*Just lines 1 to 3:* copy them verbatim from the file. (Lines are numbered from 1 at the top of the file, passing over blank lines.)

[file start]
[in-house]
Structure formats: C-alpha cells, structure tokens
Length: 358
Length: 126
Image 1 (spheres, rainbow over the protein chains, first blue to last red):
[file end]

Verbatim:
[in-house]
Structure formats: C-alpha cells, structure tokens
Length: 358